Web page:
But thanks be to God, who always leads us in triumph in Christ, and manifests through us the sweet aroma of the knowledge of Him in every place. For we are a fragrance of Christ to God among those who are being saved and among those who are perishing; (2 Corinthians 2:14-15 NAS)

FrankincenseI recently came across an unusual question raised by someone at the WhatBrandBest.com web site. The subject in question is tagged with the header ‘My Bible is starting to smell funny. Best brand of Bible deodorant?’ In the discussion thread, the writer elaborated to say, "My favorite bible is starting to smell a little moldy. Is there anything I can use to freshen it up? I was at a Christian bookstore and I saw a can of ‘Gee, Your Bible Smells Terrific,’ but that's all they had. What brand of bible deodorant is everybody using?"

Sometimes we may encounter a similar situation of having our Bible smelling foul or becoming moldy. Although this may sound a little funny, it is certainly not something we should be proud of or consider lightly as expectable or perfectly normal. All of us know that things on earth get moldy and smelly only because they are not used regularly. If we have something we like turning moldy and smelly, it is most likely we have forgotten what we have. By the time we rediscover and attempt to restore it to its original state, it is often quite difficult to remove the unpleasant smell and the mold. Spraying a fragrance over it offers little help removing the odor. Even if we take measures to cover it with frankincense—the one scent known for its evocative fragrance in the history of aromatics—it is ultimately the regular use of the thing we once liked that will help improve its condition. Unless we regularly pay attention to the thing we like, no amount of restoration work will help make it become like before, free of mold and stench.

Like the things that become moldy and smelly over time of negligence, Christian living is very much the same. If we neglect the study of the word of God and choose to leave our Bibles to rot, our Christian lives will gradually deteriorate, stink and become defiled with mold and unpleasant smell. We may try to act perfectly normal in the sight of men, spraying fragrance on ourselves in masking our inner state of being or dipping ourselves into frankincense to hide among those in the faith. Eventually, however, our missing aroma or our odor will sooner or later give us away. Like the foul smell and stench of a land desolate, emptied and devoid of life and growth, our fruit and deeds will reveal our true state of being (Joel 2:20; Micah 7:13).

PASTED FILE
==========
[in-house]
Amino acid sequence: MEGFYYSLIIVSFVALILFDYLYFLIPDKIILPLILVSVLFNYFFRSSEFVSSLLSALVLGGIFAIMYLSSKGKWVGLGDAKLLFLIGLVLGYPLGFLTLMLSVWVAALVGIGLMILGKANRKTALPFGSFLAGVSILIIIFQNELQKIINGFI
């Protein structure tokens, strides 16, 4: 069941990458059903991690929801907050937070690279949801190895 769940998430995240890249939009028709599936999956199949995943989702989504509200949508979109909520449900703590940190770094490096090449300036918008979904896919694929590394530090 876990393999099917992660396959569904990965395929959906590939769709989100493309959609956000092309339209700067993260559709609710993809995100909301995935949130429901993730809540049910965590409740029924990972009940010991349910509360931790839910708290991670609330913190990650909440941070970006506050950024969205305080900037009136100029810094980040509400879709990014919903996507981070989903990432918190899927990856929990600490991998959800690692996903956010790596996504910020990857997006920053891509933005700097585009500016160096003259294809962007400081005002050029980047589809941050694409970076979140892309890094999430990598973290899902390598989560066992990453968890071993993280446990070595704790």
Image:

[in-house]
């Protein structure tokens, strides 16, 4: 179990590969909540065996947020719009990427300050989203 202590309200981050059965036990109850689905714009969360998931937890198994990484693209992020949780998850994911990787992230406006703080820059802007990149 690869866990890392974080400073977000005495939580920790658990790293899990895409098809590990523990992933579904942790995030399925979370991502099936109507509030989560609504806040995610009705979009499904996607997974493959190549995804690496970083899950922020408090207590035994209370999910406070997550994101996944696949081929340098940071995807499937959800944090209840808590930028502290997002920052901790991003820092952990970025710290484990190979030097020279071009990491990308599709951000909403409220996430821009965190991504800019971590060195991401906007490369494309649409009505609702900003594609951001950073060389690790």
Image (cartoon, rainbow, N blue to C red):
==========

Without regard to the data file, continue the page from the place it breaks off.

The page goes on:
The first steps we must take in getting rid of the foul smell therefore is not to cover up, but to let out from within the fragrance of Christ. God is the One who leads us in triumph in the Lord to manifest through us the sweet aroma of Christ in every place (2 Corinthians 2:14). We are the fragrance of Christ to God among all who are being saved and to those who are perishing (2 Corinthians 2:15-16). Unless we return to the Lord and get back to our regular walk with God, our condition cannot improve. No amount of restoration work will help bring forth the sweet aroma of the knowledge of Christ in us to the perishing world if we do not spend time in His word. Let us therefore be diligent to present ourselves approved to God as workmen who do not need to be ashamed, accurately handling the word of truth. (2 Timothy 2:15).

Forgive us dear Lord for neglecting to spend time with You and in the studying of Your word. Help us rediscover our first love for You and for Your word Lord, that we may not pretend we are well by covering up our state of being in hiding our inner decadence. Restore to us Lord the sweet aroma of the knowledge of You in us in bringing forth Your fragrance to those who are being saved, and those who are perishing. Thank You God for leading us to triumph in Christ and for manifesting Him through us to the world.

Friday, August 6, 2010

Reflect and See